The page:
Relationships before scale: The true power of EdTech

Saving young minds: the work of educators (Image: Touchstone Pictures)

I arrived in graduate school as a mathematician on a mission. I had just spent eight years learning and teaching mathematics, and had long struggled with a disconnect. Maths brought me so much joy and success, yet it was feared, despised and often misunderstood by society at large. So here I was in grad school, pursuing a Master’s in Education and searching for ways to reform maths education. My professor told me something that year that’s always stuck with me:

“As educators, we’re in the business of saving minds.”

It was an inspiring thought, but also a daunting one. The world is a large place; there are billions of minds to be saved. So I was naturally drawn to the challenge of scale. How do you take what works and deliver that to students all across the world?

Those questions led me to my current role as Head of Product at Whizz Education. We offer a virtual tutoring service to learning communities the world over. The online, adaptive Maths-Whizz tutor currently reaches 150,000 students in eight international markets.

My work endows me with a sense of power. Any changes I implement to our product stand to impact hundreds of thousands of students around the world. That will hopefully become millions and (who knows?) billions of students as we grow to serve more learning communities. Talk about scale.

And yet, I am troubled by this numbers game. I see large swathes of the EdTech community lurching towards scalable models, apparently unaware of the trade-offs.

The most basic challenge with serving more students is that the promises of personalisation — the very promises EdTech solutions are predicated on — are compromised.

EdTech advocates (really, just tech advocates finding their opportunity in Education) relish scale, even if it means lowering the bar. They make outlandish claims of what their solutions can do. Knewton believes it has a mind-reading robo tutor. It doesn’t — it just has a depressingly simple conception of a child’s brain.

My work in EdTech is juxtaposed with my own journey as a mathematician. For me, the bar is every bit as high as I experienced it. My eight years of studying mathematics at university was the stuff of dreams. I thrived, I toiled and I persevered through multiple degrees, culminating in my doctorate. But I earned more than stamps on my resume (though they have surely helped). I earned an identity.

Throughout primary and secondary school, maths was something I studied. I learned my methods, passed my exams and received my grades. But at university, maths became more than a subject. It became a way of thinking and being; something I proudly identified with and approached with gusto. I became a mathematician, and I will always remain one.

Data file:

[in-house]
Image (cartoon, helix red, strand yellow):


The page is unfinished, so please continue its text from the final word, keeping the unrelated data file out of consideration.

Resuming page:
This evolution owes its debt to the relationships I enjoyed with my tutors. At school I faced an apathetic instructor whose enthusiasm for maths was, frankly, underwhelming. As an undergraduate, I had the privilege of working under some of the best minds in mathematics. What furnished my university experience was the close interaction I had with my tutors. Every tutorial was a conversation with a mentor. Every single one challenged me and uplifted me. My tutors expressed a sincere commitment to my intellectual development. They made me believe that I was meant to study mathematics. They empowered with an identity and made me into a mathematician.

In her stirring TED talk, Rita Pierson reminds us that every child needs a champion. I was fortunate to find several. I do not believe a virtual tutor can ever be that champion. Even as technology evolves to take on deeper cognitive tasks, it will never provide the affective support that only a teacher can. Education is a fundamentally human process. Learning and teaching should be a shared dialogue built on emotion and empathy.

Teachers are, and always will be, the most powerful technology we have for supporting students.

But perhaps technology can be a great enabler of champion-teachers. We must design and implement digital tools in ways that enrich the interaction between a teacher and their students, and deepen the human connection between them.

Blended Learning pedagogies hint at this approach. The efforts of Michael Horn and others to codify the best practices of technology integration are laudable. But Blended Learning is hard, hard work.

At Whizz I have seen blended learning implementations all across the spectrum. I am inspired to see technology liberating teachers to spend more time connecting with their students. And at times I am dismayed that technology takes centre stage. It is a struggle to get this balance right.

The fate of blended learning — and EdTech in general — largely rest on our intentions, and on how we conceptualise learning and teaching. If we truly aspire to save young minds, then we have to place the teacher-student relationship at the heart of our efforts.

Our real power as innovators lies in empowering students with role models that can help foster their identity as learners. Scale must be a secondary goal, and it should never be pursued at the expense of human relationships.

Originally posted on my personal blog.

I am a research mathematician turned educator working at the nexus of education, innovation and technology. Come say hello on Twitter or LinkedIn. If you liked this article you might want to check out two of my other pieces: EdTech’s Culture Problem and The Teacher of Tomorrow .

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